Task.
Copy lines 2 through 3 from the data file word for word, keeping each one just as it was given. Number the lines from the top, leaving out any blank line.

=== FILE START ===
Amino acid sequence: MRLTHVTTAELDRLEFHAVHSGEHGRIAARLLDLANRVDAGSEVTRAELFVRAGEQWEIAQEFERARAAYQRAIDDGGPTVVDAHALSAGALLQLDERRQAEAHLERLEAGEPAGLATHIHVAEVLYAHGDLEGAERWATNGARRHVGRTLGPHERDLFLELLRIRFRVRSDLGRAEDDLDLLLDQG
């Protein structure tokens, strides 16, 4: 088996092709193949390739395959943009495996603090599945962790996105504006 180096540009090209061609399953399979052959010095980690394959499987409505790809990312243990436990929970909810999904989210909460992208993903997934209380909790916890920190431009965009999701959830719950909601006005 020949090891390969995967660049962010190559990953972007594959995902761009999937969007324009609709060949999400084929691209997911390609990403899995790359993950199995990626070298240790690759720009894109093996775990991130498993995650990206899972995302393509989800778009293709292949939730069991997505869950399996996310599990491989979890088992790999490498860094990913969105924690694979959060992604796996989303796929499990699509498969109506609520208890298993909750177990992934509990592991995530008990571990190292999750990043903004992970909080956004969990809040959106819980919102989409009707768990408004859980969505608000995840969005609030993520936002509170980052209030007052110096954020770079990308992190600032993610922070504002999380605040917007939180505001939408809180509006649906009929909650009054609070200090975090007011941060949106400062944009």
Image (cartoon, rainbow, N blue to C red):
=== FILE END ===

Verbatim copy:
């Protein structure tokens, strides 16, 4: 088996092709193949390739395959943009495996603090599945962790996105504006 180096540009090209061609399953399979052959010095980690394959499987409505790809990312243990436990929970909810999904989210909460992208993903997934209380909790916890920190431009965009999701959830719950909601006005 020949090891390969995967660049962010190559990953972007594959995902761009999937969007324009609709060949999400084929691209997911390609990403899995790359993950199995990626070298240790690759720009894109093996775990991130498993995650990206899972995302393509989800778009293709292949939730069991997505869950399996996310599990491989979890088992790999490498860094990913969105924690694979959060992604796996989303796929499990699509498969109506609520208890298993909750177990992934509990592991995530008990571990190292999750990043903004992970909080956004969990809040959106819980919102989409009707768990408004859980969505608000995840969005609030993520936002509170980052209030007052110096954020770079990308992190600032993610922070504002999380605040917007939180505001939408809180509006649906009929909650009054609070200090975090007011941060949106400062944009």
Image (cartoon, rainbow, N blue to C red):